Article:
Regeneration of deprived areas can improve residents’ mental health

Research by Cardiff University has found that community-led regeneration in deprived areas can improve the mental health of residents (Cardiff University, 2017).

The study, one of the first of its kind worldwide, found a small but measurable improvement in the mental health of residents in areas of Caerphilly County Borough that underwent community-led regeneration compared to those that didn’t. This was equivalent to one in every three residents in regeneration areas reporting improved symptoms. There was also a significant trend between length of residence and mental health, suggesting that the longer people lived in areas experiencing regeneration the more their mental health improved.

The study, published in the American Journal of Epidemiology, evaluated Communities First, a Welsh Government programme to reduce poverty in the hundred most deprived electoral wards in Wales. Using anonymously linked data from Caerphilly County Borough Council, GP surgeries and existing studies, 10,892 residents from areas that did and didn’t receive Communities First funding were tracked between 2001 and 2008.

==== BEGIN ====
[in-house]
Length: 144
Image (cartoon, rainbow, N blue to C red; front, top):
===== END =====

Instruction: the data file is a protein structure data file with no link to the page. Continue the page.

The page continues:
According to study lead, Dr James White, Senior Lecturer in Public Health at the Centre for Trials Research and DECIPHer Centre “The significance of this research should not be overstated. Billions of dollars are spent worldwide on regeneration projects, and very few have been evaluated…Our study shows that targeted regeneration, directed by the residents of deprived urban communities, can help to improve the mental health of residents. We found Communities First narrowed the gap in poor mental health between the more and less deprived neighbourhoods.”

During the period studied one thousand five hundred regeneration projects were delivered as part of the Communities First programme in Caerphilly County Borough at a cost of £82,857,180.

The type of regeneration projects were diverse and included:

  • Crime: installing street lighting
  • Education: teaching assistants
  • Health: provision of sport equipment
  • Housing and physical environment: conducting housing maintenance and repairs and redevelopment of waste land
  • Vocational training and business support: providing computer skills training to unemployed people
  • Community: building community centres

The study also revealed that before regeneration, residents of Communities First areas were more likely to be unemployed (3.2% compared to 2.5%), sick or disabled (17.1% compared to 10.6%), live in rented accommodation (25.8% compared to 14.7%), and live in poverty (58.8% compared to 43.9%), than residents of control areas.

James White said “The Communities First regeneration program we evaluated is unique in that community residents, rather than local councils or governments, identified areas to be regenerated. The policy implication of this finding is that targeted regeneration, directed by the residents of deprived urban communities, may help to reduce inequalities in mental health.”

The authors hope the research will inform policy to improve mental health and narrow health inequalities at population level.

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